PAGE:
Will Congress impeach President Trump?
And what’s up with Fresno State professor Randa Jarrar and her tweet about the late first lady Barbara Bush?
The former was on the mind of an audience member Monday night after presidential historian and NBC contributor Michael Beschloss spoke at the Save Mart Center.
The latter was on Beschloss’ mind. He said he has followed the university’s response closely (president Joseph Castro announced last week that Jarrar won’t be fired). Beschloss called Jarrar’s comments were “disgraceful.”
Beschloss held a Q&A after his lecture, “Leadership in American Politics,” which largely dealt with examining former presidents and how their decisions in the White House defined their legacies. He also listed the qualities he said make a president succeed or fail.
The event was part of the President’s Lecture Series event which is now in its third year at Fresno State. The audience was allowed to submit questions for Beschloss to answer after his lecture. Several questions appeared to be about President Donald Trump, Beschloss said.
He picked the impeachment question and drew a big laugh by deadpanning, “Folks, my specialty is dead presidents.”
Getting serious, Beschloss said that whether or not Congress sets a vote to impeach Trump will depend on what is in the investigation report by Special Counsel Robert Mueller. Beschloss noted that the procedure for impeaching a president is largely unknown because there is no historical precedent.
“When a vote was taken in the judiciary committee in the house to impeach Richard Nixon – and it did get that far before he resigned – Democrats dominated the committee,” Beschloss said. “But it is said that when they voted they went backstage and a lot of those Democrats cried because they knew that impeachment was such a severe and overwhelming remedy.”
Mueller is investigating allegations that the Trump campaign colluded with Russia in the 2016 elections. As he finished discussing the question on impeachment, Beschloss answered another question about where he would rank the Trump presidency if it were to end today.
Beschloss said that it’s not possible now to say exactly where Trump would fall in that list because there is still much unknown about the young presidency.
“We will know 40 years from now how Korea turned out,” Beschloss said. “Did it turn out in peace or war? We’ll know the same thing about the Middle East. There was a very important big tax bill that was voted during the last year. Whether you love it or hate it, 40 years from now we will know what the impact on the economy was.”
It was much easier for Beschloss to discuss presidents who no longer live or hold office. He focused on presidents like Abraham Lincoln, Harry Truman, Lyndon Johnson and Nixon to illustrate his discussion of what qualities and behaviors define a president as good or bad.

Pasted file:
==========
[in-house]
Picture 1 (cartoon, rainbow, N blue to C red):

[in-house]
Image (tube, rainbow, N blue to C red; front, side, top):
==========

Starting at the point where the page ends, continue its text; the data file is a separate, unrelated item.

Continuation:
Among the qualities that Beschloss said make a president successful is courage to make unpopular decisions in difficult times. He referenced to 1863 when Lincoln struggled to end the Civil War as the Emancipation Proclamation was disputed but eventually became law and slaves were freed.
Beschloss said he has listened to about 700 hours of recorded conversations from Johnson’s time in the White House to gain insight into that administration. He said presidencies can’t be accurately judged without that kind of scrutiny.
“Things that we are obsessed with in real time oftentimes, I guarantee you, 40 years later will turn out to be trivial,” Beschloss said. “But also 40 years from now, things we think were hugely decisive or important may be things that we don’t really know about in real time, maybe a president isn’t even paying attention to.”
Though Beschloss thinks Johnson would be “horrified” to know the contents of his tapes were being discussed, he said examining historical artifacts such as tapes, national security records and documents of former presidents can give the public a better understanding of an American president.
Among the qualities that could cause failure for a president is to “kick the can down the road” on important issues, Beschloss said. When a president violates civil liberties, that can also mark failure, according to the historian. Johnson’s decision to go to war even as he privately remarked that there was no way to win the Vietnam conflict was a “monumental” mistake in that presidency, said Beschloss.
The Emmy-award winning historian encouraged the audience to always examine history to stay informed. He said that successful presidents must also have good knowledge of history. “All of the great ones did.”
Previous speakers in the lecture series include New York Times columnists David Brooks and Thomas Friedman; presidential historian and author Doris Kearns Goodwin; and Robert Costa, a political reporter for The Washington Post and moderator for PBS’s Washington Week. The lecture was co-sponsored by The Bee, Valley PBS and KSEE 24.